Developing a Small-Scale Hard-Rock Mine (Part 1)
(Checking an old gold mine tunnel for stringers or veins.)
On occasion I like to veer away from my first love (placer gold mining) to talk to you about hard-rock mining. Over the years I've known a handful of experienced small-scale placer miners who broke with tradition to become hard-rock or lode miners and one or two of these fine individuals achieved some success at it. So if you're interested in the possibilities, read on.
Before I get started with the meat and potatoes of this series of posts, I'm going to make a couple of big assumptions:
1) That you've already prospected a certain area and have found a promising looking outcrop, vein, blow out, or abandoned hard-rock operation. What's promising looking mean? That your find contains gold in appreciable enough quantity to warrant the time, effort, labor, and expense it's going to take to develop it.
(A massive vein outcrop showing lots of mineralization.)
2) That you have already staked a valid claim, can file one, or have worked out some sort of lease deal with the current claim owner. Common sense here, right? Nothing I'm about to tell you is going to help you if you can't access your find to develop it.
One of the good things about being a small-scale guy or gal in this context is that your mining activities are not going to be strictly driven by profit and cost like they would be for commercial or large-scale operations. Now this doesn't mean you don't want to get the gold out of your lode claim and make some money, but what I envision here is approaching things much in the same way you do your placer mining activities. You're doing this primarily because you love gold mining in all its forms and you want a place to go to pursue that love and that dream. If you get some good gold out of that lode then that's just icing on the cake. If you only get a little bit of yellow metal out of that rock, then that's good too because what you will have learned about developing a lode claim is pure gold in and of itself.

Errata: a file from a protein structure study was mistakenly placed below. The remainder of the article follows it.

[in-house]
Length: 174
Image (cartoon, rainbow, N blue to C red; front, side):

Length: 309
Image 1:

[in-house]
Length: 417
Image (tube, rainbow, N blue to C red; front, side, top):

Warning! I'm NOT speaking here to those of you whose brains are already spinning 'round and 'round with fevered dreams of striking it rich and are considering selling the house, liquidating your savings, and moving the wife and kids to the middle of the desert to make a living at hard-rock mining. Although the principles I'll expound upon and the tips I'll give you in this series are valid in both the small-scale and commercial mining respects, let me reiterate something that many of you just hate to hear. It's extremely difficult (if not impossible) to make a living at small-scale gold mining (placer or hard-rock) in the Lower 48 states of the United States these days. Ouch! That hurts doesn't it? It may hurt but it's the gospel truth as I've come to know it over the course of time in this small-scale gold mining thing. And yes, I've had my fair share of hard-rock adventures too. I could repeat what I said in the bold type above a hundred times and there will still be those of you out there who just won't (or can't) believe me. So let me put this to you another way. I have nearly four decades of small-scale mining expertise and experience under my belt, and during that entire time I can't name a single person I've met (or remained estranged from) who has made a living strictly from his or her small-scale gold mining activities, lode or placer. This includes the biggest names in the small-scale gold mining and prospecting club communities whom many of you look up to or buy memberships from. Ditto for every dredger, dry washer, high banker, gold sniper, and hard-rock desert rat I've ever come across. (Oh, and by the way. These folks were [or are] highly experienced gold miners, not green-through-the-gills rookies who really don't know their asses from proverbial holes in the ground.) Sure, some of these folks supplemented their incomes with their seasonal gold takes, but the rest of the year they were busy logging, doing commercial fishing, or pulling the Dream Merchant routine by selling equipment and how-to videos to you. That's the REAL truth about small-scale gold mining, whether you care to hear it or not.